Brackenridge High School - La Retama Yearbook (San Antonio, TX)

 - Class of 1942

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Brackenridge High School - La Retama Yearbook (San Antonio, TX) online yearbook collection, 1942 Edition, Cover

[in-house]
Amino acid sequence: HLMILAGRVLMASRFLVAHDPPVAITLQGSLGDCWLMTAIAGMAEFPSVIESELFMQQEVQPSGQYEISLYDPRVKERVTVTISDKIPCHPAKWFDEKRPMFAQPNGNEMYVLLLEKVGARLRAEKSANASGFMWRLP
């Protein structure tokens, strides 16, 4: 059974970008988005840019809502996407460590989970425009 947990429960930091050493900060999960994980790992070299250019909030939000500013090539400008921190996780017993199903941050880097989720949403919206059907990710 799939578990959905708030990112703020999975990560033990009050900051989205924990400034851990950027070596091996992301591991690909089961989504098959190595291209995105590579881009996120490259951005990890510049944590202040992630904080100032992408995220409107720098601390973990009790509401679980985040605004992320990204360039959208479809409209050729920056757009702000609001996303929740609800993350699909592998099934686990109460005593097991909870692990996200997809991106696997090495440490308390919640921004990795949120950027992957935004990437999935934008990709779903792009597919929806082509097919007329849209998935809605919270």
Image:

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Text from Pages 1 - 200 of the 1942 volume: